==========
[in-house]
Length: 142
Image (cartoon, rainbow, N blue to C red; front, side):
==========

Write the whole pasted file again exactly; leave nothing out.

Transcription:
[in-house]
Length: 142
Image (cartoon, rainbow, N blue to C red; front, side):